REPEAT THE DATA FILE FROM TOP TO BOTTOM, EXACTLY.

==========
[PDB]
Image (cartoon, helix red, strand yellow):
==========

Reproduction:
[PDB]
Image (cartoon, helix red, strand yellow):